Legally Privileged Information: What can and cannot be disclosed

Rushad Irani

17 Aug 2022 2:29 PM GMT

  • Legally Privileged Information: What can and cannot be disclosed

    Legal privilege refers to the legal protection given to communications, documents and advice exchanged between a party and his / her legal professional adviser from being disclosed to the court or other persons. This article seeks to shed some more light on the concept of legally privileged information, the compulsion to disclose such information and the admissibility of such information in courts.

    Law governing privilege:

    Privilege of communication, documents and advice is covered under Sections 126 to 129 of the Indian Evidence Act, 1872 ("Evidence Act").

    What is privileged information:

    Privileged information may be construed to be any documents or communication disclosed to a legal professional in his / her professional capacity. This also includes documents which come into existence in anticipation of litigation[1]. Further, such exchange must take place only after the formal appointment of such legal professional. It must also be clear that these are of a confidential nature[2] and are meant for a legal professional in the course of his engagement with the Client.

    Bar on disclosure of privileged information:

    The Evidence Act places a strict bar on two types of disclosure of privileged information:

    1. By an attorney disclosing any privileged information made to him during the course of his engagement; and
    2. By any person from being forced to disclose any privileged information exchanged between such a person and their legal advisor.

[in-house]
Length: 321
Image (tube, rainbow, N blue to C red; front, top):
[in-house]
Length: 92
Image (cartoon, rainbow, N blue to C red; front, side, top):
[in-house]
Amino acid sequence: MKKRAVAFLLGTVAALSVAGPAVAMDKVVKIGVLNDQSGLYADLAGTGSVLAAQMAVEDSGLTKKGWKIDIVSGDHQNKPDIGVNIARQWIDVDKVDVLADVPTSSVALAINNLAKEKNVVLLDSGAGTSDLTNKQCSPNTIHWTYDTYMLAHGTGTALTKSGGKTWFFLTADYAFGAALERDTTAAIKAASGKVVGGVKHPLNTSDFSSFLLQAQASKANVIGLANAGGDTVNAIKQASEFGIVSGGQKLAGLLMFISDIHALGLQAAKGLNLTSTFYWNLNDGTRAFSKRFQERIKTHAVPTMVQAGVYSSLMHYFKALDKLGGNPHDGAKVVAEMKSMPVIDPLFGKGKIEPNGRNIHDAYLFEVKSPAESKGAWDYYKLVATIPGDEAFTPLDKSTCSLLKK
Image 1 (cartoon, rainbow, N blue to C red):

The Bombay High Court has held that, Sections 126 and 129 of the Evidence Act protect all communication that takes place between the lawyer and the Client during the engagement of the lawyer[3].

    Privilege extending to in-house lawyers and non – litigation lawyers

    There is currently considerable debate as to whether anything prepared by or communicated to an in-house lawyer, general counsel or legal advisor would also be protected as privileged.

    The Bombay High Court in 1981 had held that a salaried employee such as an in-house counsel who advises his employer on all legal questions and also other legal matters would get the same protection as others under Sections 126 and 129 of the Evidence Act and even otherwise these communications are properly covered by these sections.[4]

    Post the decision of the Supreme Court in 2001[5] which stated that a full-time salaried employee cannot be an advocate, certain views have been raised that communication with an in-house legal counsel could not be said to be privileged as the same was not communication with an advocate. However, while this line of thought may be contended in the case of Section 126 of the Evidence Act which places a bar on disclosure of privileged information by barristers, attorneys, pleaders or vakils, Section 129 of the Evidence Act extends its protection from to disclosure to all 'professional legal advisors' which may quite possibly cover in house legal counsel. T